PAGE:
This measured control of the Argentine game at international level, a progression of the system that helped Cesar Luis Menotti to win the country's first World Cup in 1978 and a far cry from the disorganisation of earlier eras, is harder to implement in the domestic game.

Argentina's economic and political crisis, however, appears to be concentrating the minds of the country's football clubs and while there is no fear of a complete collapse of one of the world's top five leagues, some important controlling steps must be taken.

"The AFA has asked for government intervention to help ensure the clubs do not spend more than they earn," Pekerman said.

He said a government official, appointed by the secretary for sports, would be part of a new controlling body.

Living way beyond their means was how Racing Club became bankrupt. They were on the verge of liquidation more than once only to be baled out by private money and win the Apertura first division title in December.

"There's no doubt that Racing have done things properly. They've reorganised," Pekerman said.

"But I'm not convinced about the manner in which Racing were allowed to carry on playing in the first place," he said, alluding to massive debts that do not appear ever to have been settled.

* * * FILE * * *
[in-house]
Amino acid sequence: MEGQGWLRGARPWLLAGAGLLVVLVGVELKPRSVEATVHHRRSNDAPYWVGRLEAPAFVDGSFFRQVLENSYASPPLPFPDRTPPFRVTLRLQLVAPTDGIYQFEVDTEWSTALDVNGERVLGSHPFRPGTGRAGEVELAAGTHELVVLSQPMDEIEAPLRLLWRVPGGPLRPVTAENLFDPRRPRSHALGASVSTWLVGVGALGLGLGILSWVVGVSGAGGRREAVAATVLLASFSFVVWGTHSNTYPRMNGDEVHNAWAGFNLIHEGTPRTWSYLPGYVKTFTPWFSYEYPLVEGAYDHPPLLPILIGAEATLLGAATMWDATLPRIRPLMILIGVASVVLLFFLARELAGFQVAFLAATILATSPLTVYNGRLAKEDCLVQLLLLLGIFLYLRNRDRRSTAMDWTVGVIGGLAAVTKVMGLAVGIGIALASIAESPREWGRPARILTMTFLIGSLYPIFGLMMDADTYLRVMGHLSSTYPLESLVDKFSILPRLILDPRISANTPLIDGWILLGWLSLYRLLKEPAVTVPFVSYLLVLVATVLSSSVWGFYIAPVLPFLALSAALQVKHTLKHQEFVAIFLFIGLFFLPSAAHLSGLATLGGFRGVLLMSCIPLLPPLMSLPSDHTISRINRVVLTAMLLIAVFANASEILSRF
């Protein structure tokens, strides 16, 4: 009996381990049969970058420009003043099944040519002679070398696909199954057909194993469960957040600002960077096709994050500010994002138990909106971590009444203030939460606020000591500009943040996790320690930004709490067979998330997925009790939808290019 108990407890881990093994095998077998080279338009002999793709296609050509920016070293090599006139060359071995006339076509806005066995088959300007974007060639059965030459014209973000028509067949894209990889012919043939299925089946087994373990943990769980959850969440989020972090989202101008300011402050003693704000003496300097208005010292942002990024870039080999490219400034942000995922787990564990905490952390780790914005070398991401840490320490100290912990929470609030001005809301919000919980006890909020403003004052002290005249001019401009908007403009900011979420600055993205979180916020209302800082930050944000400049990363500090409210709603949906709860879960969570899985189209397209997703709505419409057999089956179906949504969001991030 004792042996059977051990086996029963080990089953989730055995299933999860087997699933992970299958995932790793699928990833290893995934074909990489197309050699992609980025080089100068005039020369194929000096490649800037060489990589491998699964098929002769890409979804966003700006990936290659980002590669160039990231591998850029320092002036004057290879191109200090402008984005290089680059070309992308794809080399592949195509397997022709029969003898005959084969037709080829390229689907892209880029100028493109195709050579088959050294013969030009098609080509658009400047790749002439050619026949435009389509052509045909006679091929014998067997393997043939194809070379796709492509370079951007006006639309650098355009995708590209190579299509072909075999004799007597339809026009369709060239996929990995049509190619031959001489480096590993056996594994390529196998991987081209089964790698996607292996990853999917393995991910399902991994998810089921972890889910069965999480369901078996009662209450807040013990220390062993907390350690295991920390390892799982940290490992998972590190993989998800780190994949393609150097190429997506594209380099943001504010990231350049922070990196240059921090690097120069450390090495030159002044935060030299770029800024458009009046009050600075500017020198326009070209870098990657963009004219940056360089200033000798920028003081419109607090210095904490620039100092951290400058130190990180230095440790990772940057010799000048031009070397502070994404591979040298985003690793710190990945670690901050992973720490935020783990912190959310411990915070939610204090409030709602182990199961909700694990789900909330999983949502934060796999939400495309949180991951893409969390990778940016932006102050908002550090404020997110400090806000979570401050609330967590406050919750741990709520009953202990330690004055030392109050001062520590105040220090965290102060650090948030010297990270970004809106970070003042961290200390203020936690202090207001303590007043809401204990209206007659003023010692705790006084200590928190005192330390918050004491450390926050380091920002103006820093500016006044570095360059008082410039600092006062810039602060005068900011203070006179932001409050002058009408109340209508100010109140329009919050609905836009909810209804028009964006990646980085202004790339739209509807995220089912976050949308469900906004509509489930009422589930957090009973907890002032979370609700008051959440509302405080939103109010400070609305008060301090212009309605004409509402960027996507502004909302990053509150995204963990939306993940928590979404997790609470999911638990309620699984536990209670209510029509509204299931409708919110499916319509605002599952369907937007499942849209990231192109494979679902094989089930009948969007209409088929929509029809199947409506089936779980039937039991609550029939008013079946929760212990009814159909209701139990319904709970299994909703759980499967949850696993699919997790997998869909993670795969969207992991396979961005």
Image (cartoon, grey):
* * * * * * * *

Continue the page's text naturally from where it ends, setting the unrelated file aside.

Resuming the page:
"A doubt remains about what happened with what occurred before (they were baled out). They were practically bankrupt, with a gigantic debt."

With the Argentine currency losing value after its recent flotation following a decade of parity with the dollar, the AFA has also asked the government for a reduction in match policing costs which are paid for by the clubs, Pekerman said.


Given the amount of hooligan behaviour from hard core "barras bravas" fans in domestic football in Argentina, clubs have to pay for a large security operation, especially for high-profile matches.

This fact was highlighted yet again last weekend when a fan was killed during fighting, which included a gun battle, between rival gangs of supporters just before kickoff in the derby between Racing Club and Independiente in the Buenos Aires suburb of Avellaneda.

Pekerman dismissed any suggestion of the death of Argentine football itself.

"The country has had many of these crises. Football is one of those activities that always survives. It has a very big capacity for regeneration," he said,

"In each championship new stars always appear."

The immediate reaction of European soccer enthusiasts to news of the Argentine crisis was to expect a larger than ever exodus of talent to big clubs in Europe, sold off fast at bargain prices for much-needed cash.

But Pekerman said Argentina's policy of encouraging young talent to develop at home and mature into first division players before widening their horizons would remain their credo.

"Adolescents need the protection of their (known) environment," he said.

There have been cases of Brazilian and African players moving too soon and being abandoned by clubs and agents when the failed to make the grade.

"They dream of getting to Europe but in Argentina they look to getting into the first division (team at their clubs) first. Then they think about a transfer. They don't want to leave young," Pekerman said.